Special/Signature Issues » The Power List

Twenty Six Through Fifty

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26. C.T. Hill
He's the last big banker in town, and he advised Mayor Jones (No. 12) on financial matters during his transition into office. The head of SunTrust Bank's Mid-Atlantic Region, including all Virginia banks, also serves as chairman of Venture Richmond. Considering the decaying corporate oligarchy, that's worth something.

27. Richard Cullen and Frank B. Atkinson
Former Republican Attorney General Richard Cullen chairs the law firm McGuireWoods and Frank Atkinson, former counselor and policy director to Gov. George Allen, heads its lobby shop. As a pair with deep political contacts, they've guided a uniquely powerful firm and have consolidated its national reputation.

28. Thurston R. Moore
As chairman of one of the city's top two law firms, Hunton & Williams, Thurston Moore scores points for guiding the firm through recent economic turmoil — which included laying off nearly 100, including 23 lawyers, across the country this spring. He's also a trustee of the Virginia Museum of Fine Arts, and chairs the museum's fiscal oversight committee.

29. Thomas J. Folliard Jr.
The economy has ravaged the car business, and CarMax saw sales drop 15 percent in the last year, from $8.2 billion to $6.7 billion. But Tom Folliard built the company's sophisticated inventory system, and is probably the smartest chief executive in Richmond, which, come to think of it, isn't a high bar to exceed.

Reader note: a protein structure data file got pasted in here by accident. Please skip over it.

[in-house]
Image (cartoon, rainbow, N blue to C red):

30. G. Gilmer III and Charlotte Minor
If there's a recession buster left in Richmond, it might just be Owens & Minor, the medical-supplies distributor, which raked in $7.24 billion last year, with $93 million in net profit, up nearly 30 percent. The Minors are big supporters of the Virginia Museum of Fine Arts, and Gil recently made a rare political appearance on Mayor Jones' transition committee.

31. Pamela Reynolds and the Reynolds Family
It takes a lot of juice to be $20 million over budget and a year behind schedule and still not catch too much flak. But that's how Pam Reynolds rolls. The Virginia Museum of Fine Arts, whose board the local fashion icon chairs, will be one of the top 10 largest nationally when VMFA's $130 million renovation is complete next spring. 

32. Darcy S. Oman
As chief executive of the venerable Community Foundation, Oman has seen her assets shrink 23 percent from last year, but that means she still sits on $510 million and helped distribute $50 million in grants last year to charities and nonprofits, many of which have few other places to look to for funding.

33. John B. Adams Jr. and Michael Hughes
 The Martin Agency's national profile continues to rise on the strength of its Geico ads (cave man, talking lizard), its massive Wal-Mart account and countless other campaigns. In a town without much identity these days, the agency — run by its chief executive, John Adams, and its creative director, Mike Hughes, manages to project the illusion that Richmond is a creative center.

34. Robert F. McDonnell